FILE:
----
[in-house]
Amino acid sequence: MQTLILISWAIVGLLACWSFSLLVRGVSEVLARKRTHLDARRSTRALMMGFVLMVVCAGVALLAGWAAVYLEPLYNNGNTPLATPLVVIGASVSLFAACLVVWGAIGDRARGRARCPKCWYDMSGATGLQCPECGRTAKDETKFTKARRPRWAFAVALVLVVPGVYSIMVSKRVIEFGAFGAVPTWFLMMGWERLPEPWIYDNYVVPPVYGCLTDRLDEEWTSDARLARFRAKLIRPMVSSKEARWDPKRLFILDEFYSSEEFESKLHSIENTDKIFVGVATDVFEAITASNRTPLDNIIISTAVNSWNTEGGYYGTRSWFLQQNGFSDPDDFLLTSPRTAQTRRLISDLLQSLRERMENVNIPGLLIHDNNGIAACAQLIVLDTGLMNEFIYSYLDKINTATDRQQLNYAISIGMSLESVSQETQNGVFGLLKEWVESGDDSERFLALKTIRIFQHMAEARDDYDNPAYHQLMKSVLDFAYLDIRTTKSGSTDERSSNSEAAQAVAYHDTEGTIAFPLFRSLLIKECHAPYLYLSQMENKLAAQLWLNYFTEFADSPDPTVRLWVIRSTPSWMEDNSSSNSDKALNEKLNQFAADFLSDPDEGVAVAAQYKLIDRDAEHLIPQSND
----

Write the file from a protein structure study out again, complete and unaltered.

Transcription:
[in-house]
Amino acid sequence: MQTLILISWAIVGLLACWSFSLLVRGVSEVLARKRTHLDARRSTRALMMGFVLMVVCAGVALLAGWAAVYLEPLYNNGNTPLATPLVVIGASVSLFAACLVVWGAIGDRARGRARCPKCWYDMSGATGLQCPECGRTAKDETKFTKARRPRWAFAVALVLVVPGVYSIMVSKRVIEFGAFGAVPTWFLMMGWERLPEPWIYDNYVVPPVYGCLTDRLDEEWTSDARLARFRAKLIRPMVSSKEARWDPKRLFILDEFYSSEEFESKLHSIENTDKIFVGVATDVFEAITASNRTPLDNIIISTAVNSWNTEGGYYGTRSWFLQQNGFSDPDDFLLTSPRTAQTRRLISDLLQSLRERMENVNIPGLLIHDNNGIAACAQLIVLDTGLMNEFIYSYLDKINTATDRQQLNYAISIGMSLESVSQETQNGVFGLLKEWVESGDDSERFLALKTIRIFQHMAEARDDYDNPAYHQLMKSVLDFAYLDIRTTKSGSTDERSSNSEAAQAVAYHDTEGTIAFPLFRSLLIKECHAPYLYLSQMENKLAAQLWLNYFTEFADSPDPTVRLWVIRSTPSWMEDNSSSNSDKALNEKLNQFAADFLSDPDEGVAVAAQYKLIDRDAEHLIPQSND